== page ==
Top 10 Posthumous Albums of All Time

Top 10 Posthumous Albums of All Time
This winter saw the release of another high-profile posthumous album, as recently departed mega-star Amy Winehouse was honoured with the collection Lioness: Hidden Treasures. So now is as good a time as ever to take a look back on some of the greatest posthumous albums of all time.

The ten albums listed here aren't simply vaults-clearing B-sides collections or bottom-scraping compilations of material that never deserved to be released in the first place. Rather, these are the lost classics that, in some cases, hold up against the artists' best work.

So it's with an apology to Amy (whose Lioness didn't make the cut) that Exclaim! offers its Top 10 Posthumous Albums of All Time, listed in order according to quality and canonical importance.

Top 10 Posthumous Albums of All Time:

10. John Lennon & Yoko Ono - Milk and Honey
Artist death: November 8, 1980
Album release: January 27, 1984

Just three weeks before Lennon's death in 1980, the Beatles legend released Double Fantasy, a call-and-response collection of songs with his wife Yoko Ono. In early 1984, this sequel arrived. Once again featuring songs from both husband and wife, it contained some of Lennon's final recordings, plus some touched-up and newly recorded material from Yoko. The material isn't quite as stirring at Double Fantasy -- there's nothing on par with "(Just Like) Starting Over" or "Beautiful Boy" -- but everyone ought to hear the final work of arguably the greatest pop songwriter ever.

9. 2pac - The Don Killuminati: The 7 Day Theory
Artist death: September 13, 1996
Album release: November 5, 1996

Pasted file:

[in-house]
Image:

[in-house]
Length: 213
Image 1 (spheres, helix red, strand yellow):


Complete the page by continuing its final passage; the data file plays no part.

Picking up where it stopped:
The late rapper has been remembered with more posthumous releases than we care to count, but this very first one, recorded around a month before his 1996 murder and released less than two months after, is the one that left the most lasting impression. Even more significant than the music was the fact that this album helped to spawn endless conspiracy theories about Tupac Shakur's supposedly faked death thanks to its supposed hints that he would be reborn under the alias Makaveli.

8. Elliott Smith - From a Basement on the Hill
Artist death: October 23, 2003
Album release: October 19, 2004

When the beloved sad-sack songwriter tragically died in 2003, he was partway done what was to be his sixth album. The sessions included over 30 songs and the album was reportedly slated to be a double-disc, but producer Rob Schnapf and Smith's former girlfriend Joanna Bolme were hired and whittled the tracklist down to 15. Okay, so this album -- released almost exactly a year after Smith's passing -- is a bit of a mess compared to masterpieces like Either/Or and XO, but stone cold stunners like "King's Cross" and "A Fond Farewell" make this a must-have.